8. Check the soil, stem, and fresh new growth
When I start looking for aphids on a plant, I always first check the soil, stem, and fresh new growth. And yes, this means gently opening up new young leaves to check inside.
If you have a couple of plants, you can check each plant carefully. But with lots of plants, checking these three locations helps me find aphids early.
Hold leaves up against the light and watch for dark spots. These dark spots can be tell-tale signs of aphids.
9. Ants on your plants? Take a closer look.
Ants love aphids and feed on the sweet honeydew aphids excrete. If you notice ants crawling around your plants, check for aphids.
Ants are not harmful in themselves, but the presence of ants should be seen as an indication that something may be off.
When all else fails, Neem oil to the rescue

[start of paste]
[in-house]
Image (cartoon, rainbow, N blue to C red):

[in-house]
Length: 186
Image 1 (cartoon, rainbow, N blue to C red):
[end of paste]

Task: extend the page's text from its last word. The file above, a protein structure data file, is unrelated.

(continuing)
It is true; Neem oil sprays are not as effective as some of the available commercial pesticides.
But, I have found that repeatedly treating plants with Neem oil and water solutions works.
Related: This is our recipe for our Neem oil water spray.
Yes, it does require more than one application. But I am willing to pay that price as Neem oil is organic and natural.
Treating plants using a manual spray bottle does get tiresome, but with the help of a manual pressure pump sprayer or a far-reaching garden pressure pump sprayer, the job gets a lot easier.
Apply the Neem oil solution in the morning or evening. Remember to water the Neem oil treated plant at the base should it need watering.